On September 22nd 2023, Dr. Melisa Robichaud delivered a half-day workshop on behavioural experiments for excessive worry and GAD, with an emphasis on targeting the fear of uncertainty and its consequences.
Excessive worry is a symptom present across most anxiety disorders, and it is also the cardinal feature of generalized anxiety disorder (GAD). Yet despite its omnipresence in anxiety, excessive worry can be challenging to address in treatment, particularly with individuals struggling with GAD. A primary reason for this is that the content of worry can often be varied and shifting in nature, such that traditional CBT strategies that target the worries themselves can often feel like they involve “chasing a moving target”. It can therefore be more helpful to conceptualize excessive worries and GAD according to the processes that underlie them, rather than on the symptom of worry itself. This workshop will focus on the process-driven understanding and treatment of excessive worry and GAD as a cognitive response to the perceived threat of uncertainty and its consequences on outcomes and personal coping due to an overall intolerance to uncertainty.
This workshop will present clinical strategies designed to conceptualize and treat excessive worry seen in GAD and other anxiety disorders through the lens of the construct of intolerance of uncertainty (IU). Specifically, the role of IU as the primary theme of threat in GAD and excessive worry will be introduced, with an emphasis on presenting a cohesive and logical rationale to clients. In addition, the development, application, and debriefing of behavioural experiments designed to specifically challenge negative beliefs about uncertainty will be presented. Specific examples of worry themes will also be reviewed, including worries related to decision-making, perfectionism, and a need for control. Case vignettes, as well as detailed homework handouts and examples, will be included throughout.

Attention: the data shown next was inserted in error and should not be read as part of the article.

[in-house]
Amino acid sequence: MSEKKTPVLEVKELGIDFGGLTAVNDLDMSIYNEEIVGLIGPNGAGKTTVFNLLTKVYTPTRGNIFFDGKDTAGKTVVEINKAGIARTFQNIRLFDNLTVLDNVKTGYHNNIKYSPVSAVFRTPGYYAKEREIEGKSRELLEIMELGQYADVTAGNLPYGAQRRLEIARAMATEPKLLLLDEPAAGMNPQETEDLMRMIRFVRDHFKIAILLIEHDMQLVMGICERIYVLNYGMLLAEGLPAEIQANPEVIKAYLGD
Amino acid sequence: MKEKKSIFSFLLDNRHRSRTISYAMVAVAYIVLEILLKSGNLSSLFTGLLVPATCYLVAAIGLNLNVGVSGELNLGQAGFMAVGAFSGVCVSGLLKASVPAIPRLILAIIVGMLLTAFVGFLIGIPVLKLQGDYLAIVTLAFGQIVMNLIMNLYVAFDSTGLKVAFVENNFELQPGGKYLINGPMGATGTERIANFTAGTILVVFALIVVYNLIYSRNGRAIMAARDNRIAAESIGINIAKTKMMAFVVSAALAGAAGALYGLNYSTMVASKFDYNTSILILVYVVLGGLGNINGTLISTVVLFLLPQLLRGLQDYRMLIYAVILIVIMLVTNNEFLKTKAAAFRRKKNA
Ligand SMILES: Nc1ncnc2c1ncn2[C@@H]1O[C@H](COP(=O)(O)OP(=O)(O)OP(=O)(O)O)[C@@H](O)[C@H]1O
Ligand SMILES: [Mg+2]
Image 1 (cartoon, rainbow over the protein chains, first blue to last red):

At the end of the session, attendees will learn to:
Understand and conceptualize excessive worry and GAD within a CBT framework that highlights the role of intolerance of uncertainty
Present a clinical model of excessive worry to clients that uses the fear of uncertainty as the primary theme of threat
Identify worry-specific safety behaviours
Develop behavioural experiments designed to test out negative beliefs about uncertainty and its consequences
Troubleshoot challenging presentations, including worries related to perfectionism, indecisiveness, and need for control
About the Presenter
Dr. Melisa Robichaud is a Founding Director of the Vancouver CBT Centre, where she works as a clinical psychologist specializing in the assessment and treatment of anxiety disorders. She is currently an adjunct faculty member in the University of British Columbia (UBC) Department of Psychology, a clinical instructor in the UBC Department of Psychiatry, and a clinical associate in the Simon Fraser University (SFU) Department of Psychology. She received her Ph.D. in clinical psychology at Concordia University in Montreal, completed her internship training at the UBC Hospital Anxiety Disorders Clinic, and a post-doctoral fellowship in the Department of Psychiatry at UBC Hospital.